Show simple item record Santos, Isaac Rodrigues dos Niencheski, Luis Felipe Hax Burnett, William C. Peterson, Richard Chanton, Jeffrey Andrade, Carlos Francisco Ferreira de Milani, Idel Cristiana Bigliardi Schmidt, Axel Knöller, Kay 2013-10-17T01:47:11Z 2013-10-17T01:47:11Z 2008
dc.identifier.citation SANTOS, Isaac Rodrigues dos et al. Tracing anthropogenically-driven groundwater discharge into a coastal lagoon from southern Brazil. Journal of Hydrology, v. 353, n. 3-4, p. 275-293, 2008. Disponível em: <>. Acesso em: 27 jul. 2012. pt_BR
dc.description.abstract We investigated the distribution of naturally occurring geochemical tracers (222Rn, 223Ra, 224Ra, 226Ra, CH4, d18O, and d2H) in the water column and adjacent groundwater of Mangueira Lagoon as proxies of groundwater discharge. Mangueira Lagoon is a large (90 km long), shallow (_4–5 m deep), fresh, and non-tidal coastal lagoon in southern Brazil surrounded by extensively irrigated rice plantations and numerous irrigation canals. We hypothesized that the annual, intense irrigation for rice agriculture creates extreme conditions that seasonally change groundwater discharge patterns in the adjacent lagoon. We further supposed that dredging of irrigation canals alters groundwater fluxes. While the activities of 222Rn in shallow groundwater were 2–3 orders of magnitude higher than in surface water, CH4 and radium isotopes were only _1 order of magnitude higher. Therefore, 222Rn appears to be the preferred groundwater tracer in this system. Radon concentrations and conductivities were dramatically higher near the pump house of rice irrigation canals, consistent with a groundwater source. Modeling of radon inventories accounting for total inputs (groundwater advection, diffusion from sediments, and decay of 226Ra) and losses (atmospheric evasion, horizontal mixing and decay) indicate that groundwater advection rates in the irrigation canals (_25 cm/d) are over 2 orders of magnitude higher than along the shoreline (_0.1 cm/d). Nearly 75% of the total area of the canals is found in the southern half of the lagoon, where groundwater inputs seem to be higher as also indicated by methane and stable isotope trends. In spite of the relatively small area of the canals, we estimate that they contribute nearly 70% of the total(_57,000 m3/d) groundwater input into the entire Mangueira Lagoon. We suggest that the dredging of these canals cut through aquitards which previously restricted upward advection from the underlying permeable strata. The irrigation channels may therefore represent an important but previously overlooked source of nutrients and other dissolved chemicals derived from agricultural practices into the lagoon. pt_BR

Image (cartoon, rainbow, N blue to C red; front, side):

dc.language.iso eng pt_BR
dc.rights restrict access pt_BR
dc.subject Radium isotopes pt_BR
dc.subject Oxygen isotopes pt_BR
dc.subject Submarine groundwater discharge pt_BR
dc.subject Hydrologic cycle pt_BR
dc.subject Permeable sediments pt_BR
dc.title Tracing anthropogenically-driven groundwater discharge into a coastal lagoon from southern Brazil pt_BR
dc.type article pt_BR

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